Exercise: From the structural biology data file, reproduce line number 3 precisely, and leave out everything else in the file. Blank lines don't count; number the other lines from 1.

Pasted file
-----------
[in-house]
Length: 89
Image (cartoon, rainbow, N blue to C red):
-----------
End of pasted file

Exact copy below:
Image (cartoon, rainbow, N blue to C red):